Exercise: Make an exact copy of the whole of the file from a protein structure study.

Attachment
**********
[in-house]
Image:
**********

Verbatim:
[in-house]
Image: